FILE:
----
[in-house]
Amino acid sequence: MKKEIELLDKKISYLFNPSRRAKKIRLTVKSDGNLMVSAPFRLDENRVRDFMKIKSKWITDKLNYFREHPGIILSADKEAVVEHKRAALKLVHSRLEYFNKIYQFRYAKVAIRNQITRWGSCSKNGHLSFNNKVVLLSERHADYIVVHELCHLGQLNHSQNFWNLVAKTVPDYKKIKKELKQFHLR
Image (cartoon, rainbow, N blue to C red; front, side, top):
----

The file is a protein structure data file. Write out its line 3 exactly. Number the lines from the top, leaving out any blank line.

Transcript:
Image (cartoon, rainbow, N blue to C red; front, side, top):